Serious violations of accounting principles as well as major financial irregularities have been detected in several entities of PricewaterouseCoopers India (PwC India), which would seem to indicate that the company has been wrongfully dressing up its own books and those of its network audit firms in order to remain profitable. Several PwC India top honchos, including chairman Deepak Kapoor and some senior directors, signed backdated invoices, which smells of large-scale financial manipulation, and could spell further trouble for the company already tainted by being the auditor in the high-profile Satyam scam of 2009.
The violations at PwC India have the potential to land it in serious trouble with various regulators like the corporate affairs ministry, the Reserve Bank of India (RBI) and auditing watchdog Institute of Chartered Accountants of India (ICAI).
They could also contravene the Indian Penal Code as falsification of accounts and misrepresentation of facts is a criminal offence.
Papers accessed by TOI show that PwC India entities, including tax and business advisory services company PricewaterhouseCoopers Pvt Ltd (PwCPL) and auditing firm Price Waterhouse (PW), had been falsifying accounts and backdating and manipulating invoices, to show money received as 'grant' after close of a particular financial year as income of the earlier year.The inflow of funds from PricewaterhouseCoopers Services BV, Netherlands, was first shown as 'reimbursement of expenses' - including in representation made to banks - but later invoiced as 'support' and finally as 'grant'. Surprisingly, the books of accounts classified this as 'sundry income', which again points to misrepresentation of facts.
Alarmingly, the infow of funds into auditing firms like PW and Lovelock & Lewes (LL) is in itself a violation of the country's FDI rules as existing regulations do not permit foreigners to either practice auditing or even to fund audit firms in India. PW and LL are audit firms registered with the ICAI and are thus prohibited from accepting any foreign investment.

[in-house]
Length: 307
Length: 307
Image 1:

When contacted, a spokesperson for PwC India said, "The documents TOI purports to have in its possession, if authentic, are private and confidential business documents. Also, as a policy we do not comment publicly on our internal matters. PwC has complied and will continue to comply with applicable laws, regulations, and professional standards." However, PwC India did not comment on any questions raised by TOI regarding the backdating of invoices and the possible involvement of its senior officials in the matter. TOI has already reported on the inflow of over Rs 200 crore from overseas into PwC India entities that enabled them to remain profitable and not sink in losses. The government had begun an inquiry into the matter.
According to the papers seen by TOI for fiscal 2009-10 and 2010-11, there were several instances of backdating of invoices and fictitious transactions. An amount of $3.93 million came into tax and business advisory services company PricewaterhouseCoopers Pvt Ltd (PwCPL) in end of June 2010 (fiscal year 2011), but was shown to have come in FY10 through backdating of invoice to March 31, 2010. This helped the company boost its revenues as this money was classified as sundry income.
Again, an amount of $7 million came into PwCPL in the first week of May 2011 (FY12), but was illegally shown in the books of FY11 through backdating of invoice to March 31, 2011, signed by Kapoor. Similarly, a sum of $7.5 million flowed into PwCPL in the third week of May 2011 (FY12), but was accounted for in the previous fiscal (FY11) by backdating of invoice to March 31, 2011. Another inflow of $3.5 million in PwCPL in end-June 2011 (FY12) was falsely shown in the books of FY11 through the backdating of invoice to the previous fiscal. The papers also showed a similar trend in the books of PW where an inflow of $1 million in end of June 2010 (FY11) was invoiced for in the previous fiscal (FY10).
A thorough investigation of the papers showed that the money from PricewaterhouseCoopers Services BV (Netherlands) came into PwC India entities as part of a broader 'grant agreement' (or addendum thereto) signed between the international company with PwCPL and other audit firms for enhancement of resources and skills, which in itself raises several question marks over why such a funding would be done.
However, in several cases the grant agreement in itself was signed months later than the dates mentioned on the invoice. For example, the payment of $7 million invoiced on March 31, 2011 was based on an agreement that, surprisingly, had been signed by PricewaterhouseCoopers Services BV on April 14, 2011. Importantly, as mentioned earlier, the money had actually flowed in only in May 2011. This clearly points to violations by PwC India and its senior staff to dress up and fortify its sagging books and make them look profitable.